Preprints
https://doi.org/10.5194/egusphere-2024-1316
https://doi.org/10.5194/egusphere-2024-1316
14 May 2024
 | 14 May 2024
Status: this preprint is open for discussion and under review for Atmospheric Chemistry and Physics (ACP).

Opinion: Challenges and needs of tropospheric chemical mechanism development

Barbara Ervens, Andrew Rickard, Bernard Aumont, William P. L. Carter, Max McGillen, Abdelwahid Mellouki, John Orlando, Bénédicte Picquet-Varrault, Paul Seakins, William Stockwell, Luc Vereecken, and Tim Wallington

Abstract. Chemical mechanisms form the core of atmospheric models to describe degradation pathways of pollutants and ultimately inform air quality and climate policy makers and other stakeholders. The accuracy of chemical mechanisms relies on the quality of their input data, which originate from experimental (laboratory, field, chamber) and theoretical (quantum chemistry, theoretical kinetics, machine learning) studies. The development of robust mechanisms requires rigorous and transparent procedures for data collection, mechanism construction and evaluation, and creation of reduced or operationally defined mechanisms. Developments in analytical techniques have led to a large number of identified chemical species in the atmospheric multiphase system which have proved invaluable for our understanding of atmospheric chemistry. At the same time, advances in software and machine learning tools have enabled automated mechanism generation. We discuss strategies for mechanism development, applying empirical or mechanistic approaches. We show the general workflows, how either approach can lead to robust mechanisms and that the two approaches complement each other to result in reliable predictions. Current challenges are discussed related to global change, including shifts in emission scenarios that result in new chemical regimes (e.g. low NO scenarios, wildfires, mega/gigacities) and require the development of new or expanded gas- and aqueous-phase mechanisms. In addition, new mechanisms should be developed to also target oxidation capacity, and aerosol chemistry impacting climate, human and ecosystem health.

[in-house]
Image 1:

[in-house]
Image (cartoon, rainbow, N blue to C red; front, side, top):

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Barbara Ervens, Andrew Rickard, Bernard Aumont, William P. L. Carter, Max McGillen, Abdelwahid Mellouki, John Orlando, Bénédicte Picquet-Varrault, Paul Seakins, William Stockwell, Luc Vereecken, and Tim Wallington

Status: open (until 25 Jun 2024)

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Barbara Ervens, Andrew Rickard, Bernard Aumont, William P. L. Carter, Max McGillen, Abdelwahid Mellouki, John Orlando, Bénédicte Picquet-Varrault, Paul Seakins, William Stockwell, Luc Vereecken, and Tim Wallington
Barbara Ervens, Andrew Rickard, Bernard Aumont, William P. L. Carter, Max McGillen, Abdelwahid Mellouki, John Orlando, Bénédicte Picquet-Varrault, Paul Seakins, William Stockwell, Luc Vereecken, and Tim Wallington

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Short summary
Chemical mechanisms describe the chemical processes in atmospheric models that are used to describe the changes of the atmospheric composition. Therefore, accurate chemical mechanisms are necessary to predict the evolution of air pollution and climate change. The article describes all steps that are needed to build chemical mechanisms and discusses advances and needs of experimental and theoretical research activities needed to build reliable chemical mechanisms.